Family resource centers are located in a variety of community settings and serve diverse populations. Depending upon the resources available in the community, family resource centers may be located in churches, school buildings, hospitals, housing projects, restored buildings, or new structures. Based in the places where families naturally congregate, family resource centers serve as a central support within the community around which families can build their lives, regardless of the challenges they face.
Family resource centers promote both the strengthening of families through formal and informal sources of support and the restoration of a strong sense of community. Services may include parent skill training, drop-in centers, home visiting, job training, substance abuse prevention, violence prevention, services for children with special needs, mental health or family counseling, child care, literacy, respite and crisis care services, assistance with basic economic needs, and housing.
What Do We Know About the Effectiveness of Prevention?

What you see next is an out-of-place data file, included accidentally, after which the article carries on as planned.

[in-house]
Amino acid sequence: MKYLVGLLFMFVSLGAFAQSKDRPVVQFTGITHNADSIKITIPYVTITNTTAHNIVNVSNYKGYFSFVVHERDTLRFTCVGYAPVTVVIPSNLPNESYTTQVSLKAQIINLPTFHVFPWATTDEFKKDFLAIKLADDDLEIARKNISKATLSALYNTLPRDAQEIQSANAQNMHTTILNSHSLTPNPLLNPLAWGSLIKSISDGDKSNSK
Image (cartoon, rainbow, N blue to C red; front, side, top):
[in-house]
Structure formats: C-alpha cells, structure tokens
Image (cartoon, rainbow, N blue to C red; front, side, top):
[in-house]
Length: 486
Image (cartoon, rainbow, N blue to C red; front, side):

There are three principal areas where research on maltreatment prevention has historically been most concentrated: home visitation programs, parent education programs, and school-based programs for the prevention of child sexual abuse. The following sections summarize what is known about prevention from research and evaluation in these areas.
Home Visitation Programs
Research on the impact of home visitation programs is one area in which there is a relative abundance of evidence, and that evidence, while not universally positive across all evaluations, suggests that home visiting can be an effective approach. David Olds, at the University of Colorado Health Sciences Center, has pioneered high quality, experimental research in the area of home visitation. Through the course of several replications and long-term follow-up studies over a period of 20 years, Dr. Olds has found positive, short-term and long-term outcomes for young, first-time mothers and their children in several areas, including decreased rates of child maltreatment, juvenile delinquency, and maternal criminality; increased economic self sufficiency; and increased social-emotional development (Olds et al., 1997).
The 1999 Future of Children report on home visiting programs also noted that despite some positive findings, many of the programs still struggled in numerous areas. Challenges were raised concerning enrolling, engaging, and retaining families. Similar issues were raised about the use of paraprofessionals versus nurses, staff retention, and the training needed by home visitors. When program benefits were demonstrated, this often only impacted a subset of families, and benefits were rarely seen for all program goals. The following are findings on home visitation from other recent work: